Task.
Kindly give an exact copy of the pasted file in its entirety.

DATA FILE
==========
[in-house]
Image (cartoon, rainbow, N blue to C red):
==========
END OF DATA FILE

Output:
[in-house]
Image (cartoon, rainbow, N blue to C red):